FIG. 4 is a simplified pictorial illustration of a convolute-wound tube, constructed in accordance with an embodiment of the invention; and

FIG. 5 is a simplified pictorial illustration of a corrugated board, constructed in accordance with an embodiment of the invention.

DETAILED DESCRIPTION OF THE INVENTION

Reference is now made to FIG. 1, which illustrates a method for making a lignocellulosic product, in accordance with an embodiment of the invention. In FIG. 1, the lignocellulosic product is a spiral-wound tube, but the invention is not limited to this kind of tube, as is described further below.

In FIG. 1, a driver 2 may rotate lignocellulosic strips or sheets or the like around a mandrel 4 in the direction of an arrow 3 about a longitudinal axis 5. A roll 6 of outer layer material 7 in sheet or web form may be fed to mandrel 4 and may be wrapped spirally (helically) thereabout as the strips rotate in the direction 3. Any number of layers may be used. For example, beside, below or behind the roll 6, a roll 8 of a middle layer material 9 may be fed to mandrel 4 underneath the outer sheet 7. A roll 10 of an inner layer web or sheet 11 may be fed to mandrel 4 and wrapped spirally (helically) thereabout beneath the middle web or sheet. This produces a continuous three-layer spiral-wound hollow tube in hollow cylindrical form, which moves to the right in the sense of FIG. 1 as a new continuous tube is formed. (Again, the invention is not limited to three layers, and may comprise any number of layers.)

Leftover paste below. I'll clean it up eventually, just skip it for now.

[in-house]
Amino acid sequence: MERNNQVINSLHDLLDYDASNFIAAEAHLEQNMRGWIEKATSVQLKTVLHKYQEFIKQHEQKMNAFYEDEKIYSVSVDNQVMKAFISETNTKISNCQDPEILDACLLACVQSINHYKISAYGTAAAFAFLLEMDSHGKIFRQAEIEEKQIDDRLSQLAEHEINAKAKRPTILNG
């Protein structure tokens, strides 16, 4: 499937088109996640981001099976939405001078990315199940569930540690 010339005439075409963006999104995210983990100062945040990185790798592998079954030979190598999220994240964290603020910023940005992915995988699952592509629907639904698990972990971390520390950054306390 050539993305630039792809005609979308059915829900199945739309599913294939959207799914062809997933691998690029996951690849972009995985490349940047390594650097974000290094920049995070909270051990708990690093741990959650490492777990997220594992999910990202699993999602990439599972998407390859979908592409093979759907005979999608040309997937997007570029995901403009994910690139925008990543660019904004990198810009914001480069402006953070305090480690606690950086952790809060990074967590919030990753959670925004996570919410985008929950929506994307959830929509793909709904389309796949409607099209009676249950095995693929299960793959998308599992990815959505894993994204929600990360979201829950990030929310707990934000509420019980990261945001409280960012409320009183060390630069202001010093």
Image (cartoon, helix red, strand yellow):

The layer material may be lignocellulosic, and may comprise, without limitation, paper, Kraft paper, chipboard, cardboard, manila and other suitable substrates and materials. Other non-lignocellulosic materials may additionally be used, such as but not limited to, aluminum foil coated with a polymer, plastic sheets and many others.

A cutter 12 may be positioned near the end of mandrel 4 for cutting the circumference of the hollow tube in a radial direction in order to separate the tube into a plurality of individual pieces 14. The individual pieces 14 may then be transported via transportation machinery 15 (shown figuratively as rails) to a station for further processing.

FIG. 2 is a side view of the rolls 6, 8 and 10 in FIG. 1 and shows that an adhesive 20 is disposed between the respective, outer, middle, and inner layers so that they are bonded together when wrapped around mandrel 4. Adhesive 20 may be spread on the top, bottom, or both sides of the bonded layer. Adhesive 20 is bitumen based, that is, the active component of the adhesive may comprise bitumen or a mixture of bitumen. The active material may also comprise additives. The adhesive may also comprise fillers. “Active” refers to the substance that performs an adhesive and/or cohesive bond between the layers.